• August 28, 2014
  • 04:29 AM
  • 128 views

Minocycline for schizophrenia?

by Paul Whiteley in Questioning Answers

"Minocycline may improve the psychopathology of schizophrenia, especially the negative symptoms, and seems to be well tolerated".A Bachelors Drawer (apparently) @ Wikipedia That was the finding from the systematic review and meta-analysis undertaken by Oya and colleagues [1] looking at the collected literature on the use of "minocycline augmentation therapy in patients with schizophrenia receiving antipsychotic agents". Augmentation therapy by the way, refers to the addition of minocycline ........ Read more »

  • August 27, 2014
  • 03:23 PM
  • 138 views

The Learning Brain Unravelled

by Gabriel in Lunatic Laboratories

As an engineer you would think math would come easy to me, it didn’t. Funny thing though, science in general and biology in particular came very easy to me. The big question is why? Why would math, something I need to know how to do for my work and my degree, be so hard to learn? Thankfully science has stepped in to answer the question, at least partially, about why somethings can come so easy to a person and other things (like me and math) take so much longer to pick up.[…]... Read more »

Patrick T. Sadtler,, Kristin M. Quick,, Matthew D. Golub,, Steven M. Chase,, Stephen I. Ryu,, Elizabeth C. Tyler-Kabara,, Byron M. Yu,, & Aaron P. Batista. (2014) Neural constraints on learning. Nature. info:/10.1038/nature13665

  • August 27, 2014
  • 10:58 AM
  • 119 views

Diagnostic Profile in Pathological Gamblers

by William Yates, M.D. in Brain Posts

Behavioral disorders like pathological gambling (PG) rarely occur alone as a single uncomplicated disorder.In a previous post, I noted the overlap of PG with personality disorder, anxiety disorder, depression, bipolar disorder and substance abuse.A recent study from Germany adds to our knowledge of the general diagnostic profile in the PG population.Erbas and Buchner reviewed German national data sources and other German studies to come up with a series of findings:Twelve month prevalence rates ........ Read more »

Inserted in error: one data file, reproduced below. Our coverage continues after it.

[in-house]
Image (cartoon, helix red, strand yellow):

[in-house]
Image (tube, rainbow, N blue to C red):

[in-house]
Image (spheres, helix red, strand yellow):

• August 27, 2014
  • 09:45 AM
  • 127 views

Is it really possible for someone to turn into THE HULK? Don’t make me angry.

by Bill Sullivan in The 'Scope

Could epigenetics provide a bit of a biological explanation behind THE HULK?... Read more »

  • August 27, 2014
  • 05:33 AM
  • 144 views

Gaming Against Depression: It Can Really Help

by Katja Keuchenius in United Academics

A meta-analysis of 19 different studies of game-based interventions shows encouraging results. And besides the big amount of games for youngsters, the researchers specifically point out much can be done with with therapeutic gaming for older adults.... Read more »

  • August 27, 2014
  • 03:56 AM
  • 140 views

Prenatal SSRI exposure and autistic traits

by Paul Whiteley in Questioning Answers

A quote to start today's post: "Our results suggest an association between prenatal SSRI exposure and autistic traits in children". That was a primary finding reported by Hanan El Marroun and colleagues [1] who looked at whether maternal depressive symptoms or a class of quite commonly used pharmaceutics - the selective serotonin reuptake inhibitors (SSRIs) - used to manage depressive symptoms, during pregnancy might impact on offspring development."Everything the light touches is our kingd........ Read more »

  • August 26, 2014
  • 07:01 PM
  • 94 views

Narcotics Anonymous for military veterans

by DJMac in Recovery Review

A few years back in a city far, far away, I asked a consultant addiction psychiatrist why he did not refer any of his patients to NA. “There’s not a shred of evidence that it works,” he said. Even then he was misinformed, but I’ve thought many times since then about how his patients were [...]
The post Narcotics Anonymous for military veterans appeared first on Recovery Review.
... Read more »

  • August 26, 2014
  • 04:39 AM
  • 144 views

Brian Hooker's Hooked Hoax: Measles-Mumps-Rubella (MMR) Vaccination and Autism Spectrum Disorder

by Alexis Delanoir in How to Paint Your Panda

10 years after the initial study by DeStefano et al. (2004) was conducted, famous anti-vaccine alarmist Brian Hooker, along with Andrew Wakefield, are talking about a "whistleblower" in the CDC claiming that the original data was fraudulent, and was masking a 336% increased risk in ASD in African American boys receiving the MMR vaccine "on time." Did Hooker prove anything in his new study, however? Only that he doesn't understand epidemiology or statistics.... Read more »